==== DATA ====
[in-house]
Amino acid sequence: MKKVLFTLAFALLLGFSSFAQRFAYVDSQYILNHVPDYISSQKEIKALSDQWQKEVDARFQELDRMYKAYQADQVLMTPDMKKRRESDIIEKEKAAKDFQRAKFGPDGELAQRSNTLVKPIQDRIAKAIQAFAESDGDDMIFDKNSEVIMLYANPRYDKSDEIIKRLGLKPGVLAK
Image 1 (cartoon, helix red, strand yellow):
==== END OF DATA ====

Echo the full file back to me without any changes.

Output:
[in-house]
Amino acid sequence: MKKVLFTLAFALLLGFSSFAQRFAYVDSQYILNHVPDYISSQKEIKALSDQWQKEVDARFQELDRMYKAYQADQVLMTPDMKKRRESDIIEKEKAAKDFQRAKFGPDGELAQRSNTLVKPIQDRIAKAIQAFAESDGDDMIFDKNSEVIMLYANPRYDKSDEIIKRLGLKPGVLAK
Image 1 (cartoon, helix red, strand yellow):